This Is…

A new series that makes the subject of art accessible and less daunting with the help of illustrations


The new series “This Is…” from Laurence King delves into the lives of artists through text, photographs and illustrations. The project is the brainchild of Scottish art historian Catherine Ingram (who holds a PhD from Trinity College, Oxford and wrote her dissertation on Matisse), who authored the first three books in the series on Andy Warhol, Salvador Dalí and Jackson Pollock. For the first two, she approached Andrew Rae (whose work has been on Secret 7″ covers and an upcoming graphic novel with Nobrow Press) to create original illustrations to accompany her words; Peter Arkle was tapped to illustrate some of Pollock’s life events.


Ingram first got the idea when she worked with illustrator Julian House on a potential children’s guide to the Science Museum in London. While the project fell through, the “magical experience” that came from the collaboration and seeing ideas visualized remained. She thought, “Why not do this with a subject I’m much more familiar with?” And while in Paris, Ingram saw a man with a philosophy book tucked into his back pocket, and the image triggered something. Noticing how the public enjoys consuming knowledge and ideas, she realized academic or specialized subjects could be casual and fun, rather than dry or feeling obligatory. As an art historian, she realized she could open up a somewhat elitist, intimidating subject through an illustrated book.


Recalling the smaller-sized, friendlier books that are set up near bookstore cash registers, Ingram ponders, “Why aren’t there art history books that are beautiful, accessible and un-daunting?” She emphasizes that the affordability of the book was also very important and a crucial part of the book being “conversational, friendly and warm.” It’s a contrast to the bulging textbook-sized coffee table monographs and, while the “This Is…” books are a little too big to fit into a back pocket, they’re lightweight and can easily be slipped into a tote bag. “We want it to be taken on the tube and enjoyed,” says Ingram, hoping each book is an “inclusive experience.” Part of this is making sure that paintings are not referenced unless they are shown on the same or accompanying page.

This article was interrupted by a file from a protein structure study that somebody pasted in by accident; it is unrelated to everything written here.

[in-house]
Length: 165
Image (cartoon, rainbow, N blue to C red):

The books do indeed feel vibrant, rather than a timeline of events or a chronological order of the artist’s works. Ingram emphasizes the historical and cultural context of the artist’s works by bringing up interesting yet relevant tidbits. For example, when iconic photographer Cecil Beaton featured Pollock’s “Autumn Rhythm” as the backdrop for a Vogue fashion shoot in 1950, it had the potential to boost sales and interest for Pollock, who wasn’t doing so well financially. Conversely, however, Ingram points out that the photo shoot—in which a model poses in front of the painting—merely bolstered critics who viewed Pollock’s work as “wallpaper” or background decoration.


Upon opening the book, the reader is able to explore the life and works of Warhol, Dalí and Pollock without being lectured, unveiling the shroud of mystery that surrounds these mythical figures. These famed artists were, in fact, people inspired by events, experiences and their time—people who had their own faults and idiosyncrasies and financial difficulties; they just didn’t let those hiccups hinder them. Art is a human experience, Ingram argues, and it’s these human factors that guide the story.

As for the illustrators, they were tasked with creating drawings that would be placed alongside time honored and recognized paintings, which can be a bit daunting. “But I also felt it would be a really good use of my illustrations as the images would need a mixture of research and imagination,” Rae says. “Warhol needed a clean, clinical, sparse feel whereas Dalí needed to be more opulent and garish. I really enjoyed drawing the Dream Ball spread as there were these really odd, surreal descriptions of the party and of the guests and their costumes but there were no photographs so I had free rein to let my imagination go wild.”


The “This Is…” series kicks off with three books and a total of 30 artists will be featured. For future books, other writers and illustrators will be called on under Ingram’s wing; she reveals that they’re planning to expand the series to architecture as well. The first three books are now available for $16 each from Laurence King; Amazon users can pre-order before their 6 May 2014 release. For this fall, expect to see “This is Bacon” and “This is Gauguin.”

Photos by Nara Shin